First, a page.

Exhibition

Pompeii. Gods, Myths, Man

27. September 2014 - 11. January 2015

Citizens of ancient Pompeii decorated their living quarters with scenes of mythic lovers, floating gods and goddesses and gardens. These murals are among the best preserved examples of Roman painting. The exhibition reveals the development of this imagery from its beginnings to the dramatic destruction of the city in the wake of the eruption of Mount Vesuvius in 79 A.D. The oldest frescoes imitate colored marble; sacred sites, landscapes with villas, still-lifes and scenes from mythology later became popular.

The show will focus on the House of the Lyre-Player, presenting its large paintings and magnificent furnishings for the first time together in an exhibition. Bronze figures, reliefs, portraits and murals demonstrate the luxury and appreciation of art found in the ancient world. The life-sized statue of Apollo with a Lyre, which gave the complex its name, will also be shown. The presentation builds upon the architecture of the original rooms and demonstrates how people in the Roman world lived with their paintings. Once again, visitors can experience this building, which was one of the largest in Pompeii, first hand.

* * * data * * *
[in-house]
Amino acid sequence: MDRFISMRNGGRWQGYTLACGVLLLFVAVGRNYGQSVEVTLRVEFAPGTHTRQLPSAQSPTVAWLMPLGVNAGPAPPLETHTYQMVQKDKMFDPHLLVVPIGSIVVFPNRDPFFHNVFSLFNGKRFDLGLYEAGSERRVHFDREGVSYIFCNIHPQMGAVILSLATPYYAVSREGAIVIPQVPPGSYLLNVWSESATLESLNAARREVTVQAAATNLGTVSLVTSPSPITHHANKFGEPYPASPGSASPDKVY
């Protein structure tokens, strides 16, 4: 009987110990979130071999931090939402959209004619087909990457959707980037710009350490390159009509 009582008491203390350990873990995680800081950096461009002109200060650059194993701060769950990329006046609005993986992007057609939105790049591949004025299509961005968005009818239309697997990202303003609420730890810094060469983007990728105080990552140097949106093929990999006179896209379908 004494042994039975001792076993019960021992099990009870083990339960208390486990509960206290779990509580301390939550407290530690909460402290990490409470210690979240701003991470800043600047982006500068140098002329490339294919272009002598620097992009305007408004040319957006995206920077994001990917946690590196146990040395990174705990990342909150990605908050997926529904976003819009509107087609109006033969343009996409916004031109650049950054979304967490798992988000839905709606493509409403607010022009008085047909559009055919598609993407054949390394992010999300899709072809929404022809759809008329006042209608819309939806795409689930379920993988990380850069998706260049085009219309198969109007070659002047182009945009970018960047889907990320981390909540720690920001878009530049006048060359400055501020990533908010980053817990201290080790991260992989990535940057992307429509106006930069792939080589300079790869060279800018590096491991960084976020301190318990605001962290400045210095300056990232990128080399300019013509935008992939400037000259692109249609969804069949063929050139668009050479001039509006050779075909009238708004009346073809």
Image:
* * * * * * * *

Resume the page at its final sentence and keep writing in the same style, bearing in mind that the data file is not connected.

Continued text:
The exhibition is supplemented by a digital reconstruction of this almost 3000 square meter urban villa.

Several of the unusually large frescoes were restored with the support of the ZEIT-Stiftung Ebelin und Gerd Bucerius especially for this exhibition. With it, the Bucerius Kunst Forum continues its series on ancient mural painting which began with The Etruscans. Paintings of Life on Earth – Paintings of Death (2004) and continued in Paintings for Eternity. The Tombs of Paestum (2007).

The exhibition is being organized in cooperation with the Ministero dei Beni e delle Attività Culturali e del Turismo and the Museo Archeologico Nazionale di Napoli.

The exhibition is sponsored by Bucerius Kunst Club

Hochzeit von Zephyros und Chloris (Detail), Wandfresko, Vierter Stil, um 50 bis 79 n.Chr., Archäologisches Nationalmuseum, Neapel